‘It’s no joke!’ Threats rise against schools

Thursday, October 31, 2019 0 Comments

Threats made against schools, employees or students are increasing, and Miami-Dade County Public Schools says it will not tolerate such acts.
Parents should be aware that threats – whether spoken, made over social media or even written on a bathroom wall – can be prosecuted as a felony offense at the state and federal levels.
And for a child who is arrested, that can mean
expulsion from school and even a 21 day sentence in a juvenile facility.
“It’s no joke!” is the campaign state and local authorities are promoting to try and get the message through to youngsters and their parents.
During the first eight weeks of the current school year, there were 24 threats and six students were arrested, Daisy Gonzalez-Diego, spokeswoman for the school district, said in a statement released to media.
During the last school year, the district investigated 115 threats and arrested 20 students, Gonzalez-Diego said.
When a threat happens, authorities cannot tell
whether it’s real, a prank or a hoax, she said.
Such threats create fear, disrupt learning and may divert police and firefighters from where they should be, she said.
The number of children charged with offenses
related to making threats against schools have increased 24 percent state-wide in the past three years, according to the Florida Department of Juvenile Justice.
In fiscal year 2016-2017, 629 children were charged; in 2017-2018, 687 kids were taken into custody, and last year, 779 juveniles were arrested.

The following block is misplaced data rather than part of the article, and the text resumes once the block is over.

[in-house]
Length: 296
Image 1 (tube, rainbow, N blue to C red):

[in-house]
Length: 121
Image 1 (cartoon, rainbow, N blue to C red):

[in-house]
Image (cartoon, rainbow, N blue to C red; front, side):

A threat can include making false reports about a bomb, explosives or guns.
It’s illegal to have weapons or shoot guns on school property or at a school-sponsored event, and doing so can lead to arrest, the state says.
In Miami-Dade County, schools police try to prevent threats and jailing a child is the last resort, Gonzalez-
Diego said.
But police are coordinating with the state attorney’s
office, and will prosecute individuals who threaten schools, she said.
Children arrested on suspicion of threatening school violence will then have an arrest record, which can hamper efforts to get a job, apply for college loans or rent an apartment.
Anyone who knows of a threat can share it with a school official or police officer.
Tips may also be called in, anonymously, to schools police at 305-995-2677.
A free app called FortifyFL is another tool to report
suspicious activity.
Parents should remind their children about their rights and responsibilities.
They should also routinely review their kids’ social media and gaming use, authorities said.
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